Avoid the Summer Slide

By Laura Lucy


We are smack-dab in the middle of a long, hot summer. The kids are whining about being bored, and parents are counting down until we can send our precious little angels back to school. As tempting as it is to plop the kids in front of the television until the first day of school, we need to keep their minds and bodies active to avoid the dreaded summer brain drain. Brain drain, also known as the summer slide, happens when children forget much of what they learned during the school year over the summer break.

According to the National Summer Learning Association (NSLA) at Johns Hopkins University, most students lose two months of math skills over the summer. Low-income children can fall behind up to three months on reading skills. This means teachers spend the first month of school reteaching lessons, and students risk falling further and further behind each summer. Some children also gain weight over the summer without the discipline of daily school and physical education.

This information is alarming, but don’t let it ruin your summer. Combating brain drain is easier than you think. You don’t have to get a tutor or enroll your children in summer school. There are plenty of fun ways to keep their brains active until the teachers tag back in.

Lean on the Library

There is so much more to do at the library than check out books – though we do plenty of that too. We have fantastic libraries across the Emerald Coast with fun and educational activities happening almost every day throughout the summer. On a recent trip to Destin Library, my six-year-old daughter, Vivi, checked out books she can read on her own and chapter books for us to read together, played a coding game for kids, signed up to attend a Pete the Cat extravaganza, and stumbled upon a STEAM (Science, Technology, Engineering, Art and Math) workshop for kids. She loved it and was even more excited when they told her she can come back next week and build a robot. I highly encourage you to check out the library closest to you.

Just Keep Swimming, Swimming, Swimming

With the Gulf, bays, bayous, lakes, pools and waterparks, we are literally surrounded by water. Learning to swim is not just fun for local kids, it’s necessary. The good news is swimming is healthy for the mind as well as the body. A study of children in the U.S., Australia and New Zealand by the Griffith Institute showed that children who started swim lessons earlier had better visual motor skills in addition to gains in language, math and writing. We kicked the summer off with a fast track class at Emerald Coast Scuba in early June. This was Vivi’s fourth summer with Coach Mary and her crew. She already swims like a fish (or mermaid if you ask her), but this summer she improved her freestyle form, learned to do the butterfly and is spending the rest of this summer practicing her dives in Mammi and Papa’s pool.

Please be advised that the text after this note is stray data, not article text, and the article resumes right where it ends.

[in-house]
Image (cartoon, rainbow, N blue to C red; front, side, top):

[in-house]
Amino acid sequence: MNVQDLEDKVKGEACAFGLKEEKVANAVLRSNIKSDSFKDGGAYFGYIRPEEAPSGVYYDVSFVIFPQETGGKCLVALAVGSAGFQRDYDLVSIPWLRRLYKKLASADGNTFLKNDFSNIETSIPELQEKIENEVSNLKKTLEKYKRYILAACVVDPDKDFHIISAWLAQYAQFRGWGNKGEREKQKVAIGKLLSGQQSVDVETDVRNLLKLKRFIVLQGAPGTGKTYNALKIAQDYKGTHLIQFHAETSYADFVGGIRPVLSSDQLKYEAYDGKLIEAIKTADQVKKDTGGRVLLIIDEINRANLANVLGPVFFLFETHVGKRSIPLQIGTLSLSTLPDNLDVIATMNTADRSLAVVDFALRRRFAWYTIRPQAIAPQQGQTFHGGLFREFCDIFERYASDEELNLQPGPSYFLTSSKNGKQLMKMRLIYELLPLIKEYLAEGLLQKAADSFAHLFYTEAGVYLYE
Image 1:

Mini Golf = Maxi Learning

You can find a way to make any fun outing an educational experience. Take miniature golf as an example. Younger children will naturally learn deductive reasoning as they play the course – if I hit my ball in this hole versus that hole, what happens? You can be a bit more explicit with older kids, talking about the angles and physics involved in the sport. This works for billiards too. Keep it light and fun so you’re not forcing the educational component. If they realize you are trying to teach them, they might tune out. Think of it like blending green vegetables into spaghetti sauce – what they don’t know could help them.

Technology Isn’t Evil

The kids likely want to spend every waking moment with a screen in their faces. Zoning out to endless YouTube videos isn’t the only way to utilize these devices. There are plenty of educational apps out there, both free and pay. ABCmouse is a fun learning app for pre-school and elementary school children. Even video games aren’t all bad. Playing games can teach kids how to be good winners and losers, problem-solving skills and creativity. Chances are they are better at the games than you are. Let them teach you how to play the game and explain how it works. This is a great brain-building exercise for them and a wonderful way to improve the parent-child bond.

Our favorite discovery this summer is the Art for Kids Hub channel on YouTube. This channel has more than 1,200 videos with easy step-by-step instructions on how to draw everything from animals and ice cream to Hatchimals and LOL Dolls. Trust me, your kids will sit peacefully for large chunks of time while following along with these videos. You will be shocked by how quickly they will create some pretty awesome drawings while using both sides of their brains.


The most important thing to remember is that schools give kids a summer break for a reason. They need time to rest, relax and recharge. Let them have that time without stress, without pushing them too hard. I hope these tips will help you find sneaky fun ways to incorporate learning into your summer fun. Vivi and I will see you at Big Kahuna’s. We’ll be the ones talking about velocity as we fly down the Tiki River Run.